MacBook Mayhem


It's not often I get stumped on PC issues. No, I'm not bragging - well, maybe a little. I've been working with PC based computers since the mid-80's, and besides the architecture changes, not a lot has really made a huge impact on how they operate.

Especially if they're running a Microsoft operating system. Now, Apple Mac based computers, that's a different story. I've used Linux quite a bit, and Raspberry Pi Raspian a fair amount also. 

 Where i lacked some skills was with the Apple Mac systems. That's changed drastically recently. Late last summer, I was contacted by a business that ran exclusively Mac OS based machines - Snow Leopard to be exact. These machines were iMac 10,2 all in one computers, from around 2009. As these computers were Intel based, I at least had familiarity with the components used to make these machines tick. Also, I had a MacBook donated to me around the same time, a 5,2 circa mid-2009, running Snow Leopard as well. Computer networking is pretty much standard regardless of OS, so I was able to help this client with networking issues immediately. Learning the MacOS was a different story altogether.

During this same time, a critical machine that was quite a bit older decided to throw a temper tantrum, presumably because it wasn't getting the attention it felt it deserved. An iMac fruit CRT, PowerPC based computer circa 1999. The hard drive had seen it's last days. So, I spent an evening diagnosing this one, ordered a 'new old stock' 80GB drive from eBay and waited... In the mean time, the client ordered a replacement iMac just in case. The drive came in in three days (amazingly), and I spent an evening learning the hardway how to reinstall Mac OSX on to a fruity iMac with a questionable CD-ROM drive, and ended up using a USB drive. After a bit, this was successful, I downloaded the necessary software and the next day the client was almost as happy as I was when they were able to access their financial records again.

 The latest Mac experience I've had was with a MacBook 2,1, hence the title of this article - MacBook Mayhem. This one involved the afore mentioned 2,1 and a retired gentleman whom inheretied the equally retired 2,1 that had previously been the the property of someone else. The gentleman couldn't remember his password. This usually isn't a big issue on any Mac until you get to 2011 and newer models. This one, naturally, was a much bigger problem than I anticipated.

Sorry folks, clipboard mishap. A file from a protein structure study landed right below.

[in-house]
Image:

Generally on Mac's of this vintage, you can boot to a recovery partition or an install disk and use the password reset tools to change account passwords and even firmware passwords. Pressing the 'Option' key or 'Command' + 'S' should give you boot options. Not so on this one, my friends, not so... Turns out that, in addition to the account password, there was also a firmware password that prevents access to alternative boot methods. Without this password, you cannot boot from a USB drive, CD iinstallation or recovery drive, or even the recovery partition.  On SOME MacBook models there's a way to reset the NVRAM which is supposed to remove this firmware password. 

  1. Turn the MacBook on while holding 'Command', 'Option', 'P' & 'R' until you hear the startup chime three times.

 Rumor has it, this will reset the NVRAM and you will no loinger have the issue with the firmware password, unless you set one. I say rumor has it, because in my case, it was just that, a rumor. The MacBook I was working on this key combo DID NOT WORK. In fact, no key combo would work except 'Option' which would take me to the firmware password request box. This was a problem because the gentleman didn't remember his user password, there was no way he was gong to remember a firmware password. So, after calling it quits for the night and making myself a strong rum & Coke, I chilled for the rest of the evening.

The next day I did some research and found an article that stated if you change the memory configuration in your MacBook, on boot up it'll allow a key combo regardless of any firmware guards, and holding the four keys mentioned above will allow you listen to the three chimes, which will reset the NVRAM. So, I tried it, and well, the key combo worked and I kept the keys pressed untill I heard the three chimes, then a reboot. The result? No bueno. No change, whatsoever. By this time, I was cursing Steve Jobs and his turtleneck....

 So, I tried RAM removal again. This time when I rebooted, I let it boot up and insterted an install CD for MacOSX Lion, then shut down the computer. I reinstalled the RAM, and rebooted the MacBook holdig down 'Command', 'Option', 'P' & 'R' until I heard the chime three times. This time however, I after the third chime I held down the 'Option' key and was allowed to select the CD/DVD ROM as a boot drive. This allowed me to use the utilities to remove the firmware password and change the user password as previously requested.

This isn't so much a tutorial about how to fix a MacBook that needs a password reset. Honestly, I am willing to share my knowledge. However, there are far better teachers than I. If anything, this is a lesson about not giving up. No matter how frustrated you are at what you are working with, there are always answers to be found, workarounds and solutions to almost any problem. 

You just need to be more stubborn than what you're working with...